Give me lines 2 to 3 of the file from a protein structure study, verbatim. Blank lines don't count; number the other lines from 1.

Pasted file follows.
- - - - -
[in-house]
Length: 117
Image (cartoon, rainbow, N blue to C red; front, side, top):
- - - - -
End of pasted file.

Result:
Length: 117
Image (cartoon, rainbow, N blue to C red; front, side, top):